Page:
There was a shuffling behind the Iron Marshal and by the time he turned around, Caine had positioned himself behind the iron bulk of the German Marshal, while Lovelace and Lightning employed the Mountain Marshal and Smokey as a very furry shield.
“I believe it iz meant to destroy ze contents inside, not us,” Wilhem replied in tone as dry as the desert.
“Given their propensity for incendiary tools, one would assume it is still a threat,” Lovelace called over the grizzly bear’s haunches.
“I’ll say,” Caine added. “Milk never did sit right.” The rest of the lawmen frowned at him.
“Y’know, dairy stuff.”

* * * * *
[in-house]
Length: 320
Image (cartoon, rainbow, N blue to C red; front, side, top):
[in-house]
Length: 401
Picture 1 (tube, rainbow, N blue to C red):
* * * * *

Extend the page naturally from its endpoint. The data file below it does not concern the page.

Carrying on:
“‘Incendiary’, my good chap,” Lovelace offered. “Flammable, combusible…”
“Explosive,” Wilhem translated, his skills in dialects also included the part of West Virginia where Caine had received his ‘schooling’.
“Why didn’t y’all just say that then?”
“Educated folk…” Jack said, her spurs jingling as she tapped her boot on the ground. “And now we got two of em.”
“Don’t seem right to me,” Caine stated. “All dem fancy learnin’ stuff seems to just obfuscate the truth.”
There was another pause as the other three marvelled at the odds that Caine used ‘obfuscate’ correctly, that quickly ended with a click from the box.
“Zhere, finished.” Wilhem lifted the lid.
TO BE CONTINUED IN PART 2